Monday, January 21, 2013

FARC Rebels Announce End of Two-Month Ceasefire

The Revolutionary Armed Forces of Colombia (FARC) called an end to a unilateral ceasefire yesterday, with rebel leaders saying that the government’s decision refusal to join the truce left them with no other choice. While the ceasefire, which began in November, had always been scheduled to end on January 20, guerrillas said they would be willing to extend it if the government agreed to end hostilities as well. In Havana, where peace talks between officials and the FARC are still underway, the guerrilla group’s head negotiator Ivan Marquez urged the administration of President Juan Manuel Santos to reconsider its opposition to a truce.

While Santos has firmly rejected any talk of a government-backed break in hostilities, he did recognize that the FARC’s 60-day ceasefire had some effects, Caracol Radio reports. "The fact is that the number of operations carried out by the group decreased significantly, the number of police and soldiers killed or injured decreased," the president said on Sunday.

But the FARC did not completely halt all violent activity in the country over the past two months. According to the Colombian Ombudsman’s Office, FARC elements violated the ceasefire several times; the body documented 57 reported attacks on security forces, infrastructure targets and civilian populations since November.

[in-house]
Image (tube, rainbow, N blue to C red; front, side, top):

Still, these incidents were reasonably minor, and even President Santos noted that there was “relative compliance” with the ceasefire within the FARC’s ranks. This is a positive sign for the prospects for peace in the country as it shows that the FARC’s command structure is still reasonably strong, and that the rebel’s top negotiators do in fact have the ability to speak for their organization as a whole. It also means that if the peace talks succeed and eventually lead to a demobilization process, there is reason to believe that the majority of rebels will participate, and internal splintering will be kept to a minimum.

News Briefs
  • While the FARC have reined in armed actions in recent months, the smaller National Liberation Army (ELN) drew attention to itself on Friday after the government announced that the guerrilla group had kidnapped five mining workers in the northern province of Bolivar. Three of the hostages, a Canadian and two Peruvians, are foreigners. El Espectador reports that the army is patrolling the area in search of the victims, and officials say three suspects linked to the incident are already in custody.  Although the FARC announced in February that it would stop kidnapping civilians for ransom, the ELN has made no such declaration and continues the practice, which the group refers to as “retention.”
  • After speaking out against the dominant global anti-drug strategy last April at the Summit of the Americas, Guatemalan President Otto Perez Molina has resumed his call for drug decriminalization once more. In an interview with the Observer, Perez said that he will be traveling to Davos, Switzerland this week to participate in the World Economic Forum, and hopes to gain support for alternative drug policies there.